My client also wrote to the Renew CEO, expressing their disappointment. It should be noted that the half of my client that works for Woodside is in the role of Senior Environmental Scientist. One of his responsibilities is to assess the environmental impacts of Woodside’s projects and to ensure they meet (and sometimes exceed) regulatory approvals. He previously worked for the WA Government Department of Water and Environmental Regulation, and feels he is able to have a more profound impact through his role working for industry.

About a week later I received a phone call from the CEO, where he acknowledged my concerns. After some reminders, he also contacted my clients. He assured us that Renew would develop a clear policy on how these decisions would be made in the future, so as to ensure transparency and that all viewpoints are considered. I advised I would like to be kept informed about progress regarding this matter, to which he agreed.

Several months went by and I did not receive any further correspondence from the CEO. I would occasionally send follow-up reminders to the CEO, who would reply he was extremely busy and focussed on other priorities for the organisation.

By the time the 2021 Annual General Meeting was announced, I still had not received a meaningful response from the CEO. I submitted a request to the Board for my concerns to be addressed under other business at the AGM. I received a call from the Board Secretary who asked me to withdraw my request, but assured me he would help form a working/discussion group to address my concerns after the AGM. I agreed to withdraw my request to raise other business at the AGM.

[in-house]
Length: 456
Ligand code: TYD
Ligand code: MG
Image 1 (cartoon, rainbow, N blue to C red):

Several weeks after the AGM, I still had not heard back from the Board or the CEO. I was also starting to receive the usual emails encouraging me to renew my membership. I replied to these emails that I wouldn’t be renewing my membership until my concerns had been formally addressed. Eventually I received a email from the CEO, saying he wasn’t sure what I was seeking in terms of a formal reply. I clarified with the following email response:

The formal reply which I seek is a clear position and/or policy on how Renew will select projects for inclusion in their publications – namely whether the nature of a homeowner’s employment is going to be used as one of the selection criteria moving forward.